As we noted in 2013, two different Courts of Appeal had ruled that injunctive relief is not available in PSD/NSR enforcement cases against former owners. Both United States v. Midwest Generation and United States v. EME Homer Generation held that, because the former owner no longer controls the site, courts cannot impose injunctive relief against them. As the Court stated in EME Homer Generating:
with time travel yet to be discovered, it is impossible to “restrain” a violation that occurred twenty years ago. Likewise, courts cannot “require compliance” from defendants who are not currently violating the Clean Air Act and who cannot violate the Act in the future because they no longer own or operate the source.
However, in an opinion issued last month in United States v. Westvaco, Judge Marvin Garbis has found a way around this conundrum. Since the point of the injunction is not per se to have controls on the facility, but to mitigate the harm caused by the excess emissions allegedly resulting from the failure to comply with PSD BACT requirements, Judge Garbis concluded that he may order the defendant former facility owner to buy and retire emission credits to counterbalance the harm caused by the facility’s historical excess emissions.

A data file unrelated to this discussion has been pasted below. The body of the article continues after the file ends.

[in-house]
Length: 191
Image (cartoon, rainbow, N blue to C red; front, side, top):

The Court did not impose an injunction, instead scheduling further proceedings to determine whether such an injunction is in fact feasible and, if so, what its scope should be. However, it certainly appears that the Court will order such an injunction as long as the retirement of emission credits “bear[s] a reasonable relationship to the decree and kind of wrong it is intended to remedy.”
It’s not obvious to me that this works and I expect Westvaco to appeal any final judgment (assuming it does not seek and obtain the right to interlocutory appeal), but it’s certainly a creative approach that the government is likely to enthusiastically support, where the alternative is no relief at all.